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Discontinuities in the mantle


The low velocity zone

From the base of the crust to a depth of about 100 km, P-wave velocity rises to
~8.3 km/s. Then velocity drops slowly to just below 8 km/s down to depths of 350 km. At about 400 km depth, the seismic waves increase in velocity, but not so much as to indicate a change in composition.

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The 670 km seismic discontinuity represents another increase in seismic


velocity, the cause of which is unknown. Several hypotheses are given, including polymorphic and compositional transition and the presence of cold subducted slab at these depths.

Gravity and Isostasy


Gravity The earth is not a perfect sphere, but an ellipsoid. The radius at the equator is 21 times longer than that at the poles. The pull of gravity is greater at the poles than at the equator because gravitational attraction is inversely proportional to the square of the distance between their centers of mass. The gravitational pull of the earth can be measured by an instrument called a gravimeter.

A simple gravimeter

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If the rock masses between the gravimeter and the center of the earth were everywhere uniform in thickness and composition, there would be no variations in gravitational pull. However, large and significant variations do exist, and these are called gravity anomalies. The anomalies are due to bodies of rock having differing densities.

How a gravimeter works

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Example of a gravity anomaly

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Crustal thickness profile

Seismic analysis

Gravity analysis

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Isostasy
- balance or equilibrium between adjacent blocks of brittle crust floating on the upper mantle.

Analogy of the principle of isostasy

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Isostatic compensation due to erosion

Isostatic rebound due to glacier melting

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Crustal thickening due to magma underplating

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A region in isostatic balance gives a uniform gravity reading (or measurement)

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A region held up out of isostatic equilibrium gives a positive gravity anomaly

A region held down out of isostatic equilibrium gives a negative gravity anomaly

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Crustal blocks float on the mantle They tend to rise or sink gradually until they are balanced by the weight of displaced mantle material. This concept of vertical movement to reach equilibrium is called isostatic adjustment. The rise of the crust after removal of its load is called crustal rebound. Isostatic compensation or adjustment may occur when the crust thickens by magmatism, compression or collision.

Magnetism
The Earth is one gigantic magnet. Thus, it is surrounded by a magnetic field. The field has north and south magnetic poles, near the geographic poles. Magnetic poles are displaced about 1130 from the geographic poles. The strength of the magnetic field is greatest at the poles coming out from the south and entering the north.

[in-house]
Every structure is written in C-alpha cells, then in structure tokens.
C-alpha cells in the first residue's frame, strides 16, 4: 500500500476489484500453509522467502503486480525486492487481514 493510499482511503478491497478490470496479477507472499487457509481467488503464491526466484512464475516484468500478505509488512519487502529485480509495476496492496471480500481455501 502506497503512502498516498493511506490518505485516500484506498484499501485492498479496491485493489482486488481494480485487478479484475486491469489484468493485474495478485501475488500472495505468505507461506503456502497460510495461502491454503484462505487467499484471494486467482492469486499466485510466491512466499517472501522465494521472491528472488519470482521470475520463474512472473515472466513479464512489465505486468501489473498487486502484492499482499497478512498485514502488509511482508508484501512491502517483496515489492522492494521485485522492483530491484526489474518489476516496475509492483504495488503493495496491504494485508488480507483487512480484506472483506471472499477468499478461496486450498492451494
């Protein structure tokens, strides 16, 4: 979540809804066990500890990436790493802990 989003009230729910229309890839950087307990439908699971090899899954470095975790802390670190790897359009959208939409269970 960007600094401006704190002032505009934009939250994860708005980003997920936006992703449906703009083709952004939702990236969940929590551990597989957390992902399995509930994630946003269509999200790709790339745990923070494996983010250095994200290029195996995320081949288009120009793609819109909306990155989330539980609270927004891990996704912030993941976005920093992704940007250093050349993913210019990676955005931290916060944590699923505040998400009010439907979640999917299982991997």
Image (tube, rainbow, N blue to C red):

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Magnetic reversals

- The earths magnetic field has periodically reversed its polarity in the past. - During a time of normal polarity, magnetic lines of force leave the earth near the south pole and enter near the north pole (like it is today). - opposite happens during a time of reversed polarity.

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Magnetic anomalies
The instrument used to measure the strength if the earth;s magnetic field is called a magnetometer.

The strength of the earths magnetic field varies from place to place. The deviation from the average reading is called a magnetic anomaly. It may be positive or negative.

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The Earths Internal Heat


Geothermal gradient the temperature increase with depth into the earth.

The average T increase is 25C/km near the surface. The T of the asthenosphere is estimated at 1150C/km. The geothermal gradient must taper off sharply a short distance into the earth, to as low as 1C/km The transition at 400-670 km depth must have a T of around 1500 C at the top and about 2000 C at the bottom. Estimates of T at the outer coremantle boundary is around 4500 to 4800 C. The inner core-outer core limit has a T of 6600 C, and the center of the earth is approximated to be 6900 C.

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Heat flow a small but measurable amount of heat from the earths interior that is being lost gradually through the earths surface. What is the origin of the heat? 1. Original heat (or thermoremanent heat) if the earth formed as a hot mass that is cooling down. 2. Radioactive decay may actually be warming the earth. Some regions on earth have high heat flow indicating either the presence of hot material underneath (e.g., magma) or rocks with high content of radioactive elements (e.g., uranium).

Regional patterns of high and low heat flow on the seafloor may also be explained by convection of mantle rock.